The EEZ totals nearby one million square kilometres of ocean – too great an area for naval vessels to police effectively. So the French maritime authority turned to satellite surveillance – employing ESA’s Envisat satellite in conjunction with Canada’s Radarsat-1.

The radar sensors aboard these spacecraft can monitor the region during both day and night and in all weathers, including cloudy conditions. The metal corners of ships make good radar reflectors, sending back distinctive signal echoes. Using the two spacecraft together means updated images become available daily, downlinked to a dedicated ground station located on Kerguelen Island.

"Kergulen is a remote and inaccessible place, but it has the advantage of being at the centre of the area we want to survey," explained Philippe Schwab, Technical director of CLS. "New images are received in real time, then automatically processed to discriminate radar echoes from vessels in the zone. Each vessel is then sent with its position via a satellite link to the French authorities on Réunion, where they are analysed to identify legal and illegal vessels.

"Authorised vessels are mandated to have an Argos satellite transmitter aboard, so they can be located and identified. Vessel positions are sent to the French authorities by CLS, the Argos system operator. Argos positions are then matched with radar echoes to discriminate illegal vessels, whose locations are then sent for action to French Navy patrol boats."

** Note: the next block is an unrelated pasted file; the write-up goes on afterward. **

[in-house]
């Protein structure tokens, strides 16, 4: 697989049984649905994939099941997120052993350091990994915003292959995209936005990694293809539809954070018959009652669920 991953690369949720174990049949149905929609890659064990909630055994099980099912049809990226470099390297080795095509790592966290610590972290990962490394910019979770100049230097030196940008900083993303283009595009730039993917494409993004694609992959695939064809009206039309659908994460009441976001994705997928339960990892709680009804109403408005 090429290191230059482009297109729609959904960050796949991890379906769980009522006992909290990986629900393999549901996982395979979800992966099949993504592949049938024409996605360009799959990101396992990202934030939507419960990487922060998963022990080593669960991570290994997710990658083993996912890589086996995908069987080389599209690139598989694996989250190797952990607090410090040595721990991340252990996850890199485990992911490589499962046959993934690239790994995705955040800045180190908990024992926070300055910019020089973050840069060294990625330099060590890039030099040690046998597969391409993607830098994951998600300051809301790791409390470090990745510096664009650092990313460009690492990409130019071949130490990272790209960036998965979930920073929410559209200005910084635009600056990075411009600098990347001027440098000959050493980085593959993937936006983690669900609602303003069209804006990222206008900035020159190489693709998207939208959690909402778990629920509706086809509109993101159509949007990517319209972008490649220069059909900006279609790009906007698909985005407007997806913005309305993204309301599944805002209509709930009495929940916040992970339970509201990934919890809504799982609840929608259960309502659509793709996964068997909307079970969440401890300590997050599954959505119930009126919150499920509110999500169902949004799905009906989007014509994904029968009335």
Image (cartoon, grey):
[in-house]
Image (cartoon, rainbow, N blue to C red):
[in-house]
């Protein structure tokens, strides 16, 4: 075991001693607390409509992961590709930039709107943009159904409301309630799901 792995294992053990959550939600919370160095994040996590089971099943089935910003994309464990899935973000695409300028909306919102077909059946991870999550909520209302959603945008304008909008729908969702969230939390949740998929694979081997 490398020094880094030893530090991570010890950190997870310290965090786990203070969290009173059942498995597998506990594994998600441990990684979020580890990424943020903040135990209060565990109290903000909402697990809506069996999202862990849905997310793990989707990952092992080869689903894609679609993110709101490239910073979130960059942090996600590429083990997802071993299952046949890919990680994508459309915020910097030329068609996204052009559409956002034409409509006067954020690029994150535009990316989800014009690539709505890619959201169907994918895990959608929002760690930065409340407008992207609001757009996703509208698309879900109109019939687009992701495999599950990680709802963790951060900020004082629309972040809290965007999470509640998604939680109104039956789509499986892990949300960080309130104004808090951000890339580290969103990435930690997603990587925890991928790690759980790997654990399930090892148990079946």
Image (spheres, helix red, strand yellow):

The system has been operational since February 2004. It had an early success on 25 June 2004 when French Navy patrol boat Albatross intercepted the Apache, a fishing vessel sailing under the Honduran flag. First identified southeast of Kerguelen Island, the operations centre on Reunion tracked the vessel for three days. The patrol boat fired a warning shot across its bow then boarded it to seize an illegal catch of 60 tonnes of Patagonian toothfish.

"Usually the system is more dissuasive than repressive," Schwab concluded. "Today, illegal fishing has almost disappeared. It seems that the unscrupulous fishermen have understood the efficiency of the system."

Satellites for ship detection

Satellite radar sensors detect ships well because their metal surfaces and sharp angles have a high signal return, in contrast to that of the surrounding water.

Envisat ASAR imagery is therefore being utilised for ship detection in a growing number of activities worldwide, including the protection of Icelandic fisheries through the Improving fisheries Monitoring through integrating Passive and Active Satellite-based Technologies (IMPAST) project run by the European Commission’s Joint Research Centre (EC-JRC).

Mariangela D’Acunto | alfa

More articles from Ecology, The Environment and Conservation:

nachricht Minimized water consumption in CSP plants - EU project MinWaterCSP is making good progress
05.12.2017 | Steinbeis-Europa-Zentrum

nachricht Jena Experiment: Loss of species destroys ecosystems
28.11.2017 | Technische Universität München

All articles from Ecology, The Environment and Conservation >>>

The most recent press releases about innovation >>>

Die letzten 5 Focus-News des innovations-reports im Überblick:

Im Focus: Towards data storage at the single molecule level